While these measures were pursuing in America, every session of Parliament was opened with information from the King, that a disposition to refuse obedience to the laws, and to resist the authority of the Supreme Legislature of the nation, still prevailed among his misguided subjects in some of the colonies. In the addresses answering the speeches from the throne, both




CHAP. 11. Houses uniformly expressed their abhorrence of the rebellious

spirit manifested in the colonies, and their approbation of the measures taken by His Majesty for the restoration of order and good government.

Proceedings of

To give a more solemn expression to the sense of Parliament on this subject, joint resolutions* of both Houses were at length entered into, condemning in the strongest terms the measures pursued by the Americans; and an address was likewise agreed on, approving the conduct of the Crown, giving assurances of effectual support to such further measures as might be found ne



* Resolved, by the Lords Spiritual and Temporal in Parliament assembled, that the votes, resolutions, and proceedings of the House of Representatives of Massachussetts Bay, in the months of January and February last, respecting several late acts of parliament, so far as the said votes, resolutions, and proceeedings, do import a denial of, or to draw into question, the power and authority of His Majesty, by and with the advice and consent of the Lords Spiritual and Temporal, and the Commons, in Parliament assembled, to make laws and statutes of sufficient force and validity to bind the colonies and people of America, subjects to the Crown of Great Britain, in all cases whatsoever, are illegal, unconstitutional, and derogatory of the rights of the Crown and Parliament of Great Britain.

Resolved, by the Lords Spiritual and Temporal in Parliament assembled, that the resolution of the said House of Representatives of the province of Massachussetts Bay, in January last, to write letters to the several House of Representatives of the British colonies in the continent, desiring them to join with the said House of Representatives of the province of Massachussetts Bay, in petitions which do deny or draw into question the right of Parliament to impose duties and taxes upon His Majesty's subjects in America; and in pursuance of the said resolution, the writing such letters, in which certain late acts of parliament imposing duties and taxes are stated to be infringements of the rights of His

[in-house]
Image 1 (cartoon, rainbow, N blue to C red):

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cessary to maintain the civil magistrates in a due execution of the laws within the province of Massachussetts Bay; and beseeching him to direct the Governor of that colony to obtain, and transmit to His Majesty, information of all treasons committed in Massachussetts since the year 1767, with the names of the persons who had been most active in promoting such offences, that prosecutions might be instituted against them within the realm, in pursuance of the statute of the 35th of Henry the Eighth.


Majesty's subjects of the said province, are proceedings of a most unwarrantable and dangerous nature, calculated to inflame the minds of His Majesty's subjects in the other colonies, tending to create unlawful combinations repugnant to the laws of Great Britain, and subversive of the constitution.

Resolved, by the Lords Spiritual and Temporal in Parliament assembled, that in these circumstances of the province of Massachussetts Bay, and of the town of Boston, the preservation of the public peace, and the due execution of the laws, becaine impracticable without the aid of a military force to support and protect the civil magistrates and the officers of His Majesty's revenue.

Resolved, by the Lords Spiritual and Temporal, in Parliament assembled, that the declarations, resolutions, and proceedings in the town-meeting in Boston, on the fourteenth of June and twelfth of September, were illegal and unconstitutional, and calculated to excite sedition and insurrections in His Majesty's province of Massachussetts Bay.

Resolved, by the Lords Spiritual and Temporal in Parliament assembled, that the appointment at the town-meeting of the twelfth of September, of a Convention to be held in the town of Boston on the twenty-second of that month, to consist of deputies from the several towns and districts in the province of Massachussetts Bay, and the issuing a precept by the Select Men of the town of Boston to each of the said towns and districts for the election of such deputies, were proceedings subversive of His Majesty's Government, and evidently manifesting a design in the inhabitants of the said town of Boston to set up a new and unconstitutional authority, independent of the Crown of Great Britain.